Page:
It’s a mix of personal and political, but memoir – with its narrative mirror – can bring its own difficulties. Plundering the annals of your family’s life can lead to problems, but Moran’s siblings were understanding about being co-opted into the book. “All my family are writers, performers or comedians, so there’s a risk of cannibalising your own life, but in my family we’re all doing that, so it’s okay. It’s either material or therapy – so we used it as material.”
Moran (born Catherine) was born in 1975 and grew up in a council house in Wolverhampton. The eldest of eight children, she had a “hippyish” mother and second-generation Irish father. From a young age, they were home-schooled, and watched hours of television, critiquing and satirising it. Humour and jokes were central to the experience, and Moran has a droll-like take on the pejorative “women aren’t funny” line. “On Twitter, a guy once tweeted that I was ‘a woman, but still funny’. I literally lay on the floor crying with laughter for 20 minutes when I read that. Grace Dent [ Guardian TV writer and author of How to Leave Twitter ], who is screamingly funny, calls Twitter ‘a cyber-room of one’s own’ and points out that all the funniest people on Twitter are women, because it’s our own space. “I get asked to do Have I Got News for You and QI regularly, but I always say no because it’s a boys’ game. Occasionally, they hurl a woman on to the panel like a sacrificial cat, and she’ll burn and be reduced to a lot of laughing/nodding shots. With Twitter, women can simply broadcast on their own terms. And they can do it – I often tweet while I’m making my children’s tea – around their lives.”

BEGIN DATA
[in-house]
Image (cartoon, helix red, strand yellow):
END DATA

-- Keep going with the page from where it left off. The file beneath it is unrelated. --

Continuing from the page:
Her children, two girls, are one of many motivations for challenging the inequality meted out to those in possession of XX chromosomes. A loved-up chapter entitled “Why You Should Have Children” shares all the umbilical, endless love we have for our offspring. It’s also the chapter where Moran details a horrific, traumatic birth. In writing it, she wanted to encourage women to talk about the subjects they never speak of, for fear of judgment. “I was totally unprepared for labour. It’s not something you can wing on the day and I did actually think I was going to die. Women can beat themselves up massively about difficult births that weren’t their fault. I’ve talked to women who burst into tears 20 years later because they feel guilty about screwing it up.”
Anyone under the age of 20 reading How to Be a Woman may feel that many of the issues raised – unequal pay, work rights – are irrelevant to them, but Moran is very astute on that same generation’s difficulties. This is the internet generation who have never known a world without YouTube and instantly accessible porn. This, she believes, is as much a problem for young women as men. While not anti-pornography, she dislikes the objectified, fetishised versions that are neither women-friendly, nor sex-friendly. “Young women constantly say that they’re ‘sexy’, but they’re not talking about their sexuality, or masturbating. Their sexuality is still very mysterious. They’re not actually in control of it and it’s something that’s very much viewed through male eyes. Take the strip-club outfit of perspex heels, bra and long nails: in a world without men, women would never have come up with that look. That is not how women feel sexy. It’s why we don’t get married or go for job interviews wearing that kind of stuff.”
In the face of ongoing sexualisation and discrimination, Moran is hopeful about the next generation of women. In the book, she recounts a night hanging out in Berlin with Lady Gaga. “She’s fearless and amazing and has said outright that she’s a feminist. This is a really well brought up and loved girl, who happens to be a performance artist and polemicist. And it will be difficult to oppress a generation of women who have watched Gaga shooting fireworks out of her tits.” Moran laughs her throaty laugh and our time is up. Her words linger, from the profound to the profane, and for all the jokes in her casual delivery, her message is crucial, and one that should be compulsory reading for all.
This article was originally published in the Irish Times on Saturday, August 20th, 2011.
Related: Review of How to Build a Girl (2014)